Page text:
The number one thing most people associate with Nepal is Mount Everest and other massive mountains. In fact, eight of the highest mountains in the world are partially in Nepal. Nepalese are also known as incredibly tough people, including the amazing Sherpas who routinely brave incredibly perilous, frigid-cold, low-oxygen peaks and the legendary Gurkhas who are a fearsome, disciplined, loyal component of the British army. The country is proud of its non-colonial independence, achieved even though it’s sandwiched between the large nations of present-day China and India. It is multi-ethnic (well over a hundred groups and castes), multiracial (people-looks range from Indian to Mongolian to Chinese) and multi-religious (roughly 80% Hindu, 5% Buddhist and 15% Muslim, Christian and indigenous), and multilingual (the official language Nepali (related to Hindi) is spoken by 45% of the population, over hundred more languages are either Indo-Aryan or Sino-Tibetan and English is a second language to many with education).
As a child, the capital Kathmandu was one of the two most exotic places on earth (the other was Timbuktu, maybe it had something to do with three syllables names). I pictured it as a mystical ancient kingdom nestled in impossibly high mountains. It turned out that my imagination was not far from reality for this capital city and the whole country. There are several places with actively-used buildings and sizable ruins that are over a thousand or two thousand years-old, integrated into a bustling, developing economy and a burgeoning democracy.
My wife, Khadija, and I arranged a two-week visit in India in November 2017, when we realized that Katmandu was only a two-hour flight from Delhi. We contacted our good friends Ruben and Ikie who have lived there for the last five years and arranged a fun-filled, far-reaching, action-packed, ten-day itinerary for the rest of the month. The following recounts some of our experiences. Also, see the Photo Gallery on this website for more pictures.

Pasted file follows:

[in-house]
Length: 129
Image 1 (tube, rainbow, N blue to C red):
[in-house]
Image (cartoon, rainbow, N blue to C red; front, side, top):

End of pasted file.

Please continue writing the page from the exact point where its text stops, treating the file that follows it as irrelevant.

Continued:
Katmandu Metropolitan Area
Katmandu’s elevation is approximately 1,400 meters (4,600 feet) in the bowl-shaped Kathmandu Valley of central Nepal and surrounded by the Himalayan mountains. Katmandu is in an ancient lake basin from which an agricultural society emerged. This fertile terrain and its location between India and China, enabled Kathmandu to become an important trading center over the centuries, including Silk Road commerce between India and Tibet.
It is the largest metropolis in Nepal, with a steadily rising population, now about two million in the city proper, and six million including cities in the surrounding areas.
The Katmandu valley has three preserved Durbar Squares, all UNESCO World Heritage Sites, in three medieval kingdoms; Kathmandu, Bhaktapur, and Patan. Durbar Square means “place of palaces” or “royal square”. Each of the three squares is a site of thousand-year-old palaces and Hindu and Buddhist temples in a concentration hardly seen elsewhere. All were significantly affected by the 2015 earthquake, thus scaffolding and construction still everywhere.
Bhaktapur Durbar Square
Bhaktapur is about ten kilometers (six miles) from Katmandu, although it looks like one continuous city. This would be the Durbar Square to visit if you had to choose only one, as it was not so heavily damaged in the 2015 earthquake as the others.
The tiered-roof buildings dominate the architecture, such as the Bhairava Nath Temple.
Much of the architecture here, and throughout Kathmandu, was developed by the Newari, the original inhabitants of the valley and master craftspeople. This style is marked by creative brickwork, protruding porches and windows, elaborate metal decoration and a unique style of wood carving.
I was infatuated with the phantasmagoric statues, many decorated by worshipers with powder, flowers and incense.
There are many free-standing statues on the outside-stairs of the Siddhi Lakshmi Temple, including pairs of camels, man-lions (reminding me of Bert Lahr who played the Cowardly Lion in Wizard of Oz), rhinos and horses.